Reversal of fortunes in Libya

Kamel Abdallah , Wednesday 3 Jun 2020

While Haftar is on the defensive near Tripoli, heralding a possible shift in ultimate outcomes, fractious relations seem to characterise all political forces in Libya

Reversal of fortunes in Libya
A fighter from the GNA inspects the damage inflicted upon a cemetery for Christians and Jews (photo: AFP)

Libyan National Army (LNA) forces have withdrawn from their forward positions on the southern outskirts of Tripoli, retreating primarily to Al-Jufra Airbase in central Libya. LNA General Command Lieutenant General Ahmed Al-Mismari described this as a “strategic withdrawal” and added that it was part of a redeployment operation. His statement, released 19 May, came a day after the LNA lost the strategic Watiya Airbase in western Libya to militias fighting for the Tripoli-based Government of National Accord (GNA) which have been bolstered by Turkish military support on the basis of a controversial military cooperation agreement signed between the GNA and Ankara on 27 November 2019.

With the loss of Watiya, the LNA only now holds the Tripoli International Airport to the east of the capital and Qasr Bin Ghashir and Tarhouna to the south and southeast. The latter, a major LNA stronghold, has been under heavy siege by Turkish-backed GNA forces.

As the fighting continues, regional and international parties have stepped up their pressures on the warring parties to conclude a ceasefire and resume the negotiating process that ground to a halt following the resignation of former UN envoy for Libya Ghassan Salame and the onset of the Covid-19 pandemic.

On 23 April, the Spokesman for the Tobruk-based House of Representatives Aguila Salah, announced a political initiative to end the crisis and encourage peace-making efforts. Soon afterwards, however, LNA Commander Field Marshal Khalifa Haftar repudiated the Libyan Political Agreement signed in Skhirat on 17 December 2015, claimed a popular mandate to rule and announced plans to form a new governing body. Whereas Saleh’s initiative was welcomed by world powers, Haftar’s announcements triggered concerned reactions not only from the UN, the US and Europe but also from Russia, all opposed to unilateral actions of this sort. In all events, his plans have apparently floundered on the shoals of opposition among his main allies in the east.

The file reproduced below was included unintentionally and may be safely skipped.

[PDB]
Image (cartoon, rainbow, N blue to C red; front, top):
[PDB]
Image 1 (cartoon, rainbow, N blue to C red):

Haftar and Aguila Saleh have increasingly diverged in their views over a range of political issues and perspectives on how to handle forthcoming developments, especially in light of the failure of Haftar’s military operation to gain control over Tripoli. Haftar’s implicit opposition to Saleh’s political initiative was one of the clearest manifestations of growing tensions in the eastern camp.

However, tensions have also been increasing in the west, particularly between the Chairman of the Presidency Council Fayez Al-Sarraj, and members of the GNA and the heads of financial and economic organisations over the types of economic and fiscal policies that should be adopted to address the economic straits resulting from the closure of oil facilities and the coronavirus pandemic. On 28 May, Al-Sarraj dismissed GNA Minister of Economy and Industry Ali Al-Issawi, who had served in that post since July 2018, and charged current Finance Minister Faraj Boumatari with managing the affairs of that ministry. The dismissal of Al-Issawi, who had served as Libya’s ambassador to India before the February 2011 uprising, followed a fallout between the two over the economic reform programme, Al-Issawi’s reluctance to issue a commercial licence to the LTT (Libyan Telephone and Telecommunications) Company headed by Faisal Qurqab, and appointments to the Libyan Investment Authority.